The New Zealand Sevens team are the latest to take on the running man challenge, all the way from the Eiffel Tower in Paris.
The side are competing in the penultimate round of the Sevens series starting in Paris this weekend.
Captioned "mite as well", the video posted to Instagram shows a close-up of Liam Messam before glancing over his shoulder to show teammates, including the Ioane brothers Akira and Rieko, Pita Ahki and Augustine Pulu, dancing the running man.
The running man challenge has gone viral since a group of college basketball players from the University of Maryland in the United States, last month began posting videos to Instagram of them performing the late 80s dance move.
On May 3, a group of Kiwi cops posted a video of themselves doing the running man on Facebook. They challenged police around the world, including the NYPD, Victoria Police, NSW Police Force, Western Australia Police, Queensland Police Service, South Australia Police, ACT Policing, Tasmania Police, LAPD Headquarters, and Isles of Scilly Police to make their own dancing man video.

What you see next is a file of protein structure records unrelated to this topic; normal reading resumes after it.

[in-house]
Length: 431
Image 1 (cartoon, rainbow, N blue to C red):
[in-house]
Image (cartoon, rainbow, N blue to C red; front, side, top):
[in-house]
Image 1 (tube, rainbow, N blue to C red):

Forces in New York and Edinburgh were the first to take up the gauntlet. The NYPD cops shared the dancefloor - a path alongside the Hudson River - with a group of kids from a Brooklyn school.
Other police forces to take up the challenge included the London Metropolitan Police, the Tasmanian Police, Northern Territory Police, Fire and Emergency Services, New South Wales Police, Australian Capital Territory and New South Wales Police.
The NZ Fire Service, the Scottish Fire Service, Wellington Free Ambulance and Hastings Hospice, Valerie Adams and the All Blacks Sevens women's team joined in while the leader of the Maori party, Te Ururoa Flavell, posted his video and called on the White House to enter the running man challenge.
Not to be outdone, the manager at the Three Furlongs Bar and Grill in Kaiwaka, Kyle Underwood, thought he and his team could groove to the beat with the best of them and put together a minute-long clip and posted it on their Facebook page.